The Basics Of Defective Equipment Motorcycle Accident Claims
Motorcycle accidents often come with greater injuries than others because of the exposure risk and the lack of structural protections. If you've been involved in an accident on your motorcycle, it's important to determine the cause and figure out whether or not you have a legal claim for the incident. One common situation that can result in a legal claim is if the accident was caused by a defective part on the bike. Here's a look at what you need to know if you suspect that a defect was the cause of your motorcycle accident.
You Need Proof Of The Defect
The first thing that you need to think about following a motorcycle accident is that your bike itself is valuable evidence in cases of a future claim. Even if you don't know at the time that there's a defective part on your bike, you should take the steps to protect the evidence in the case.
When you call to have your bike towed from the scene, make sure that the towing company holds the bike in secure storage until it can be thoroughly examined. You'll have to have documentation of the failure to claim a defect in your case, and that examination is the only way to get it.
You Need To Identify Any Recalls
Check to see if there were any recalls on your particular motorcycle's make, model, and year. If there were any recalls, and those recalls were issued before you bought your bike, they should have been done by the dealer who sold the bike to you. You may be able to file a claim due to lack of recall work and hold that dealer liable for the accident.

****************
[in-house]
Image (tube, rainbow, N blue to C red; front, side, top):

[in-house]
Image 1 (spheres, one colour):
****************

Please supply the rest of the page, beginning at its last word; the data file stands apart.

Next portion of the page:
If, however, there was no recall, and the part that failed was an original manufacturer's part, you may need to file a claim against the manufacturer for the defective part. Alternatively, if the part that failed was an aftermarket part, you'll need to go after the manufacturer of the aftermarket part instead.
You Need To Prove Your Losses
You can't file a motorcycle accident claim unless you can prove that you suffered a loss as a result of the accident. That means having documentation of the injuries you suffered, the cost of your treatment, your long-term prognosis, and the estimates of the repairs on your bike. The more information you can gather and prove, the better.
Contact a motorcycle accident attorney for more information about your possible case and the evidence that you will need to have. They can help you draft, support, and present a case that protects your interests.